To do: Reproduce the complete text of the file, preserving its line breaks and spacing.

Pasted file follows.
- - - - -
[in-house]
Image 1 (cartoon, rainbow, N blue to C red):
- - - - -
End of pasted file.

[in-house]
Image 1 (cartoon, rainbow, N blue to C red):